“That often creates a disconnect between management incentives and unitholder incentives,” says Efficient Select’s, Nolan Wapenaar. “Take one recent listing as an example. They established themselves, set up a management company, and put in a break clause whereby the management company would be due a significant fee if management of the portfolio was ever moved away from them. While there are strong arguments that this is market standard and that the break fees are lower than most, it does create a financial asset worth quite a bit of value for your original founder shareholder at the expense of the other unitholders.”
Sesfikile’s Jankelowitz says that while the Ascension, Annuity and Vividend deals are essentially done, the market has to ask questions about what value their management companies really created while they were in operation: “Have they, in just two years, enhanced their portfolios to such a degree that those who want to acquire them only now see value in their assets?” he asks. “They pieced together a port of assets that the market didn’t really want, created value in a management company that unitholders didn’t really need, and have now sold out and we are paying their retirement packages.”
He emphasises that there is a fair amount of frustration at what is essentially money leaking out of the sector. “The fact that the bigger counters have had to pay for these management companies is not right,” he says. “Those who are selling made a profit, and good luck to them. But why are the companies who are buying them bailing out the management companies as well as those investors who supported the listings? If they hadn’t achieved what they wanted to achieve, they should be sold at a significant discount.”
Perhaps the most unsettling thing is that the market has seen this before. Just for example, the team behind Annuity is the same team that listed Primegro Properties in 1999 and CBS Properties in 2005. The former was sold to Growthpoint in 2003, and the latter to the PIC in 2007.
In a free market, one can argue that these individuals have found a way to turn a big profit, and they are not doing anything illegal. But these actions do cast the sector in an unfavourable light and call into question whether the tail is wagging the dog as far as investors are concerned.
“Why did the market support a lot of these listings?” Jankelowitz asks. “Why did many of these smaller funds really need to be listed if not to enrich the owners of the management companies?”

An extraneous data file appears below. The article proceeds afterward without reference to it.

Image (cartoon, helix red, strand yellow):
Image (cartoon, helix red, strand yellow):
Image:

It raises important questions about both unitholder vigilance and self-regulation within the sector.
“I’m not sure that the individual unitholder is aware of these mixed incentives,” Efficient Select’s Wapenaar says. “And I’m not sure that the industry is as self-regulating as it could be. Certainly there is pressure from asset management companies to do the right thing, but the market has been reluctant to act. You still see a lot of externalised management companies and that definitely isn’t first prize from our perspective.”
One could argue that unitholders have been lulled into a false sense of security by how well their real estate investments have performed over the last decade. But that doesn’t excuse any ongoing silence.
“Over the last five or ten years property markets returned 20% to 25%, so if there is a bit of leakage in that environment there is less concern about it,” Wapenaar says. “But people tend to scrutinise things more when things get tough. That’s when investors sit up and ask whether they are getting all they can from their investment.
“Previously anything you bought in property was a winner and that made life very easy. But that’s not likely to be the case in the near term. So we need to scrutinise the sector and see who is acting in unitholder interest and who is acting in their own self-interest. And it will take the good asset managers to know the difference.”